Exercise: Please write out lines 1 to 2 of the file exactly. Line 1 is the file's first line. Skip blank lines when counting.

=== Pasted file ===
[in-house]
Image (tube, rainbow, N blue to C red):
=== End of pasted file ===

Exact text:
[in-house]
Image (tube, rainbow, N blue to C red):